Referring to FIG. 5, yet another embodiment of speaker 10 is depicted. Speaker 10 comprises a flat cone 32 to which at least one transmitter shaft 34 is attached. Three transmitter shafts 34 are depicted in the embodiment of FIG. 5 and are preferably flat, thin structures comprising metal, acrylic, plastic, stainless steel, titanium, metal, crystal, glass, or some other material having desirable vibration characteristics. Transmitter shafts 34 can be molded directly to or formed contiguously with touchpad 24.

Touchpad 24 may further comprise a heat element 38, such as a heat ribbon or coil, for regulating the temperature of touchpad 36 and providing a soothing heat effect in use as illustrated in FIGS. 6A and 6B. Heating touchpad 24 provides the additional benefit of avoiding desensitization of nerves in a user's hands or feet due to the vibration provided by speaker 10 via touchpad 24. Heat can also be of benefit to users with poor circulation or other desensitization conditions.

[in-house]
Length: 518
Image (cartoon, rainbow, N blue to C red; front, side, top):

In another embodiment, touchpad 24 further comprises embedded light emitting diodes (LEDs), fiber optics, or another color or light source to illuminate touchpad 24 and provide visual as well as tactile and auditory output during use of speaker 10. Lasers can also be incorporated into speaker 10. LEDs, lasers, fiber optics, and other visual elements of touchpad 24 and speaker 10 allow colors to be displayed, mixed, and, through sound and tactile feedback, felt by a user. Lasers can be beneficial to enhance higher tweeter frequencies. In another embodiment, laser-sensitive particles can be embedded in crystal, glass, plastic, or another material underneath touchpad 24. When excited by a laser or other appropriate light source, the particles add to the visual and overall sensory experience. The color or another display characteristic can vary in one embodiment according to a vibratory or auditory characteristic. In an embodiment including both heat element 38 and a light or color source, the heating of touchpad 24 may provide the additional benefit of giving the color more resonance with the user.